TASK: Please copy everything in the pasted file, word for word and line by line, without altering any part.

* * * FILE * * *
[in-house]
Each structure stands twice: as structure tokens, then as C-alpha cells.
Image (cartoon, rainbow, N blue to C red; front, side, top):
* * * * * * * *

[in-house]
Each structure stands twice: as structure tokens, then as C-alpha cells.
Image (cartoon, rainbow, N blue to C red; front, side, top):